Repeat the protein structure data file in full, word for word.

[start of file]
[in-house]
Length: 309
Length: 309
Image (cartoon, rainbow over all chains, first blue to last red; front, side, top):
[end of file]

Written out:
[in-house]
Length: 309
Length: 309
Image (cartoon, rainbow over all chains, first blue to last red; front, side, top):